4. Do you make resolutions? Do you keep them?
Little ones, and usually. I never make resolutions about things like dieting.
5. Would you ever have plastic surgery?
I hesitate to say "never" because I don't really know how I would feel if I were in a disfiguring accident or something, but I would never have plastic surgery just because I had normal age wrinkles etc.
1. What was the first album/CD/Cassette you ever bought? The first album I remember buying was the Saturday Night Fever soundtrack but I really don't think that was the very first; it was expensive, because it was a two-record set. Maybe it was Billy Joel's The Stranger but I really don't think that was first either.
2. What was your first fave song? It might have been the single of Paul Davis' "I Go Crazy," but I get confused about what came out when, so it might also have been Andy Gibb's "Thicker Than Water."
3. Which song gives you that "funny nostalgic feeling" everytime you hear it? Neil Diamond's "Sweet Caroline." I remember sitting on my canopy bed in my childhood bedroom listening to that.
4. Name the first concert you ever went to. Peter, Paul and Mary with my parents during my extreme youth. I cannot for the life of me recall the first one I went to without my parents though -- I keep thinking of U2 in 1987 but I went to concerts in college before that!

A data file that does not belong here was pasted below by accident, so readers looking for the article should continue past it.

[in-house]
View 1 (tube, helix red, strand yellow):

5. What do you consider the worst song of all time? "Dream On" by Aerosmith.
1. Name your fave song at the moment. Sarah Brightman's "Nella Fantasia," which is not a new song but I only recently discovered her recording of it.
2. What is the most recent album/CD/Cassette you purchased? Sylvia Tosun's Jump In.
3. Which song will you never get sick of hearing? The Grateful Dead's "Uncle John's Band."
4. What is your current fave music video? Hahaha, the same as it was five years ago: Madonna's "Frozen."
5. If you could be a famous music artist, what type of music would you produce? I'd reunite the original October Project lineup.